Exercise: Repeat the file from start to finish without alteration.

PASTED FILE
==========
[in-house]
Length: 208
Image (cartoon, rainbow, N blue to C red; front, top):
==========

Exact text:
[in-house]
Length: 208
Image (cartoon, rainbow, N blue to C red; front, top):